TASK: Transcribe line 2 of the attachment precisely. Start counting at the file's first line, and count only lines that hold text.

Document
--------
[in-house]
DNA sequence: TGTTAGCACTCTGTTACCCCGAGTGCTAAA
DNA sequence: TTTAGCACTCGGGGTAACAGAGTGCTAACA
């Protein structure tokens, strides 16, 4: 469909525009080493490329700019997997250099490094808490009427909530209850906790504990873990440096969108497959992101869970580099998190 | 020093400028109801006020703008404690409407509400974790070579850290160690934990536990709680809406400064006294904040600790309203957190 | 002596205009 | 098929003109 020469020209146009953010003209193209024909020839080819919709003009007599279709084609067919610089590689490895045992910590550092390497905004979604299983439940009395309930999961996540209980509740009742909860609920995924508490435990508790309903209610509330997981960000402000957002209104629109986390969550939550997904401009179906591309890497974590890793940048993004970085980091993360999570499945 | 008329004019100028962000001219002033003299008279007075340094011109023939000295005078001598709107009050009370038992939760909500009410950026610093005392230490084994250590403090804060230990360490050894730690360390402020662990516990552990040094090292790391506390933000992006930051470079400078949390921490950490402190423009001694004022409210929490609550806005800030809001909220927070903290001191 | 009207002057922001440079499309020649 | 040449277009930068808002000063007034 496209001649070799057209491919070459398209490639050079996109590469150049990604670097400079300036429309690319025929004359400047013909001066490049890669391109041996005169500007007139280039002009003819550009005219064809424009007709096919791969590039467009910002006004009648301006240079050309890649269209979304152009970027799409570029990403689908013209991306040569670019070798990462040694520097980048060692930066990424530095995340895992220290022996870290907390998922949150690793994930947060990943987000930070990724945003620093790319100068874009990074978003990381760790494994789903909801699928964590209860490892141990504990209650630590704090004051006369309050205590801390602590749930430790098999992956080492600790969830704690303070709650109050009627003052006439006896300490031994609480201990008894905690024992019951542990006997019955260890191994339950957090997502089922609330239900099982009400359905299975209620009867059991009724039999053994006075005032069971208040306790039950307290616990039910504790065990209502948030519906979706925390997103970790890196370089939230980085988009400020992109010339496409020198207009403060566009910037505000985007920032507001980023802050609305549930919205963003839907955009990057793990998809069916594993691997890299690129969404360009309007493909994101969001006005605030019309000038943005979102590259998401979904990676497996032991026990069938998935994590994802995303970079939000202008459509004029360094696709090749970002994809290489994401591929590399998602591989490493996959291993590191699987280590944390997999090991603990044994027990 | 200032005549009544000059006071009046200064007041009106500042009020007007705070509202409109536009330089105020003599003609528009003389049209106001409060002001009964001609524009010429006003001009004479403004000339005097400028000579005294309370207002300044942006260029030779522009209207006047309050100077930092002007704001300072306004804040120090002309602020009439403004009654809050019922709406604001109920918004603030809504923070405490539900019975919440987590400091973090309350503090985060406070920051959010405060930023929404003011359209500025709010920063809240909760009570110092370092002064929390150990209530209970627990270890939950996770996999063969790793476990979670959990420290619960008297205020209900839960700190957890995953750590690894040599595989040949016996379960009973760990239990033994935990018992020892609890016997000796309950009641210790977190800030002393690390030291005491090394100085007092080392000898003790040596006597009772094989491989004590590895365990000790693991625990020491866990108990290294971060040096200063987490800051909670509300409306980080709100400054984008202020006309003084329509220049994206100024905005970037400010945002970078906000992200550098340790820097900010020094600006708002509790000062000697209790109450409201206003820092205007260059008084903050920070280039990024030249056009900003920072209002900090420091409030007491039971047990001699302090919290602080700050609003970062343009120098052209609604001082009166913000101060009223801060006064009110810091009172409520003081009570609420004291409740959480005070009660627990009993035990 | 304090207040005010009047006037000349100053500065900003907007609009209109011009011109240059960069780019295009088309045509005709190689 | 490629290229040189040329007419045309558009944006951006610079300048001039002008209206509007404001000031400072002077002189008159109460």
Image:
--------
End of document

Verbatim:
DNA sequence: TGTTAGCACTCTGTTACCCCGAGTGCTAAA